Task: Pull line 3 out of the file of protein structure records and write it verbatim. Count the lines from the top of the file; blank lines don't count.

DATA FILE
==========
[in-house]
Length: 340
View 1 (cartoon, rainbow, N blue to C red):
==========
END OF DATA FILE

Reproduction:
View 1 (cartoon, rainbow, N blue to C red):